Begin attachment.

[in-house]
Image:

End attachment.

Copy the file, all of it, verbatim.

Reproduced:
[in-house]
Image: